Friday, July 13, 2007

A Peaceful Resting Place in England

My friend Dan Culler sent me some photos today taken at a military cemetery in England. I have talked with many vets who have gone to these American cemeteries, and they are always impressed by how carefully and lovingly they are kept by the English. Each is a sobering place, certain to fill visitors with an appreciation of the sacrifices of Americans fighting from English soil.

One of the biggest of the English cemeteries is at Cambridge, England. It was established on December 7, 1941 on roughly 30 acres of land donated by the University of Cambridge. The site was chosen because it was beautiful, and also because many of the American casualties in England happened in the East Anglia area, due to the concentration of air bases.

I have lifted the following quote from the cemetery's official website at

"The base of the 72-foot flagpole in front of the Visitors' Building carries an inscription taken from John McCrae's poem - In Flanders Fields, "...To You From Failing Hands We Throw The Torch - Be Yours To Hold It High." From a point at the northern edge of the flagpole platform, one notices the headstones are aligned like the spokes of a wheel. The excellent view makes this feature the focal point of the cemetery.

From here the Great Mall, its reflecting pools bordered by polyantha roses, stretches eastward to the Memorial. The Wall of the Missing, 472 feet in length, of Portland limestone quarried in southern England, records the names and particulars of 5,125 of our Missing, who made the ultimate sacrifice for freedom, but whose remains were either never recovered or positively identified. Above the names is an extract from President Eisenhower's dedication enshrined in St. Paul's Cathedral, London. Along the Wall are four statues representing a Soldier, a Sailor, an Airman and a Coast Guard in their typical uniforms and weapons. The paving is of English York sandstone.

The Memorial, like the great Wall, is built of Portland stone. On the north face of the Memorial are five pylons each inscribed with a date recalling the five years from 1941 through 1945 in which the United States participated in the war. The main doors are of teakwood, and bear the bronze models of military equipment and naval vessels. The interior of the Memorial is divided into the large museum chamber, and the smaller devotional chapel.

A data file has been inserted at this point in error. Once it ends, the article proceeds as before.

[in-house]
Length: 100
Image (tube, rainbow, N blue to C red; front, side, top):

The mosaic ceiling, by American artist, Francis Scott Bradford, is a memorial to those Americans who gave their lives while serving in the U.S. Army Air Force. The ghostly aircraft, accompanied by mourning angels, make their final flight toward Glory.

The 3,812 American War Dead, represent 42 percent of those temporarily buried in England and Northern Ireland. A large portion were members of the United States Army Air Corps. The burials in the fan-shaped graves area are arranged in seven curved grave plots A-G. The headstones within the plots are aligned in seven rows of concentric arcs whose wide sweep across the green lawns may best be viewed from the Great Mall near the Memorial. Isolated tulip trees, catalpa, beech, oak and liquidambar (sweetgum) grow within the grave plots.

Twenty-four of the headstones mark the graves of 'Unknowns', whose remains could not be positively identified. Two headstones represent burials of two and three men, respectively, whose names were known, however, their remains could not be separately identified. Bronze tablets, over these graves, record their names. While Stars of David mark the graves of those who professed the Jewish faith, Latin crosses mark all others.

I plan to go to England next spring, and will make an effort to visit and leave flowers and prayers.

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